Collectively we must humble ourselves and acknowledge we responded to COVID-19 out of fear and with little wisdom (James 4:10). We saw a spider and burned our house down.  At least now we know why God commands His people to be courageous and clear minded in the face of scary circumstances (Joshua 1:9, 1stChronicles 28:20)

 Perhaps, the saddest aspect of all this is we have allowed Coronavirus to change the way we see people. Somehow, we have managed to dehumanize one another in six short weeks. We no longer see others as prospective friends or individuals made in the image of God. Instead every human is treated as if they are a potential source of infection and a disgusting bag of germs.  Satan is rejoicing at our stupidity (Psalm 37:8, Isaiah 8:12, 1st Peter 5:8).  

 This cannot continue.  

 Christians must take the lead in fixing this mess before we completely lose what’s left of our humanity and culture. We have to educate ourselves on the real threats of COVID-19 and push past any fear we feel. The virus is a real problem but it’s a level four problem not a boogeyman with super powers. It’s critical we do what needs to be done to protect the older population, but the rest of the world has got to get back to work and to living life in a safe and sensible way before we implode. Everyone must make a concerted effort to stop looking at their fellow humans like bags of infections and go back to loving them like the image bearers they are. Most importantly we must get on our knees and beg God to give us the wisdom to make this mess right before it’s too late.  

 

 

 

 

 

 

 

 

 

When Help Actually Hurts-

Do to others as you would have them do to you~ Luke 6:31 NIV

The city of Albuquerque has a problem. 

The city has become littered with hypodermic needles. Not the clean, shiny needles you get from the needle factory or a doctor’s office but the kind of needles that have been used to shoot heroin. This is an issue because used hypodermic needles are dirty. Used needles oftentimes harbor unpleasant and sometimes even incurable bloodborne diseases like HIV, Hepatitis B, Hepatitis C, syphilis and Staphylococcus aureus (MRSA).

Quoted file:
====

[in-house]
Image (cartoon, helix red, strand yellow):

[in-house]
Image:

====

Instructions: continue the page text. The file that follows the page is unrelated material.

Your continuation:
Yuck. 

Like many American cities, Albuquerque boasts a “clean needle” exchange program. Needle exchange programs allow intravenous drug users to get a free clean needle anytime they want to inject drugs. Until recently if a drug user wanted to acquire a clean needle in Albuquerque they had to turn in a dirty needle. This policy did nothing to reduce drug use but it did incentivize drug users to dispose of their dirty needles safely.  Thanks to a recent policy change, trading in dirty needles is no longer a thing in Albuquerque. Now if a drug user wants a clean needle all they have to do is ask for one and they get it. No questions asked.   

 The policy change has resulted in dirty needles being left wherever the drug users happened to be when they used their drugs. Ballfields and parks just happen to be popular places for drug users to inject heroin. Despite the valiant efforts of parents and coaches to keep local ballfields needle-free a little girl playing softball was stuck with a dirty needle as she was sliding into home base. Doctors say that it will be at least three months before they know for absolute certain whether or not she is infected with anything. 

Sigh.